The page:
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The "Convention" at Wheeling.

--S. T. Moss, of Wood county, presided over the deliberations of this body. From the Wheeling Union, of Tuesday, we extract the following notice of the first day's proceedings :

Gen. Jackson, of Wood county, addressed the Convention in an able and eloquent speech. He contended that the Convention was premature; that the time had not arrived for dividing the State. He exhorted the Convention to do nothing hasty or inconsiderate, that would tend toward plunging the Northwest into civil war. He was in favor of delaying action until after the fourth Thursday in May, when the result of the election would show how many counties would consent to unite in dissolving their connection with the State of Virginia, and forming a new State.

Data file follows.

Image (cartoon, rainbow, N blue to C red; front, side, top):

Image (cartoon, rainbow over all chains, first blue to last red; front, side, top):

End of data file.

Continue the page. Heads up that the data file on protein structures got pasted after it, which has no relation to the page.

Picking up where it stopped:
He was followed by Mr. Carlile, who favored immediate action. He wanted no paper resolutions, but action, final and decisive.--He asserted that if the Convention contented themselves with paper resolutions, there would be a majority in favor of the Secession Ordinance in the Northwest on the 4th Thursday in May.

W. T. Willey concurred with Gen. Jackson's views fully — he expressed the opinion that, by proper constitutional action, the views of those favoring a division of the State can be carried out, provided, on a fair trial, a large majority of the people shall vote for the measure.

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